Thank You, Abortion Providers!

By Marah Lange, MSW, former Duvall Project intern

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Last Wednesday was an important day in the fight to protect abortion access.

As the justices gathered to hear arguments in Whole Woman’s Health v. Hellerstedt, thousands came together outside the U.S. Supreme Court to have our voices heard: stop the sham. While Texas’s HB2 and similar laws are engineered to appear to be focused on protecting women’s health, they do just the opposite. In fact, they restrict access to safe abortion by placing medically unnecessary restrictions on providers and causing clinics to close. For patients, this creates an obstacle course of barriers to having an abortion. If I have to travel hundreds of miles for my procedure, who can watch my children? Will my employer allow me the time off I need to travel for my appointment? How will I afford the cost of travel in addition to the cost of my procedure?

This is something we need to be shouting about. And on March 2nd, we shouted! I was one of 60 people who took a 5 a.m. bus from Philadelphia to Washington, DC, to join the Rally to Protect Abortion Access that day. Once on board the bus, I sensed excitement, adventure and, with some bus mates who had been in the fight since Roe, camaraderie. I also felt some trepidation. This was my first large-scale abortion rally, and I did not know what to expect from the opposition. After some coffee, chanting, and eventually a sunrise, we arrived and joined over a thousand other advocates who came together to defend access to abortion (and to show off some fantastic posters).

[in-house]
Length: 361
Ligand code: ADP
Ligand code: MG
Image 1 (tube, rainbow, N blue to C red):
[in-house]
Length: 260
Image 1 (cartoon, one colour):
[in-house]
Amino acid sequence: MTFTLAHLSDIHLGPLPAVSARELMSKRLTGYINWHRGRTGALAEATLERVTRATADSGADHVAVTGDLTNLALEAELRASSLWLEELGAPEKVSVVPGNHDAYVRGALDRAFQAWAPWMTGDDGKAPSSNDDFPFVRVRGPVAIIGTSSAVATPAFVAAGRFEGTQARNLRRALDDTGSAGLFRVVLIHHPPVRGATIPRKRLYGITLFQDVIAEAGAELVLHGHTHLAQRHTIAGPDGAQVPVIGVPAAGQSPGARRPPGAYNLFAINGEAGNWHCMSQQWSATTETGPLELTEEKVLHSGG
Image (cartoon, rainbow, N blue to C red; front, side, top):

The Rally to Protect Abortion Access was also a platform for celebration. Women gathered to share their abortion stories, leaders of the fight spoke of their mission to protect access, and abortion providers were met with cheers of gratitude for their dedication to caring for patients with respect and dignity. It was electric.

While advocates await the court’s decision in June, today marks the National Day of Appreciation for Abortion Providers. We observe this day each year on the anniversary of the death of Dr. David Gunn, one of several abortion providers and clinic workers murdered by an anti-choice extremists. It is a day to show our gratitude for the courageous medical professionals who provide abortion care despite political interference and often threats of violence. Each day, providers stand in solidarity with patients who have chosen abortion for themselves and their families. Today we stand with those same providers and say “thank you.”

Thank you, Providers!

THANK YOU to the providers who work hard every day to make sure that people across Pennsylvania have access to the abortion care they need! We appreciate all you do to make reproductive rights a reality. #AppreciateProviders #NDAAPPlanned Parenthood Southeastern Pennsylvania, Planned Parenthood Keystone, PPWP–Planned Parenthood of Western PA, Philadelphia Women's Center, Allentown Women's Center, Delaware County Women's Center, Allegheny Reproductive Health Center Physicians for Reproductive Health

Posted by ACLU of Pennsylvania on Thursday, March 10, 2016

Does Your Pharmacy Carry the Morning-After Pill?

By Kaziah White & Saskia Levy-Sheon, Interns, Clara Bell Duvall Reproductive Freedom Project

Emergency Contraception Map

We visited pharmacies around the region to find out if they had the morning-after pill in stock and if their employees incorrectly said there were age limits or asked for ID. The map shows you where you can easily get the morning-after pill.

During the summer of 2015, the Clara Bell Duvall Reproductive Freedom Project was asked to help collect data on the availability of emergency contraception (EC) at local pharmacies, as part of a nationwide survey created by the American Society for Emergency Contraception. Emergency contraception prevents pregnancy by stopping ovulation or keeping the egg and sperm from meeting if taken within three to five days after unprotected sex.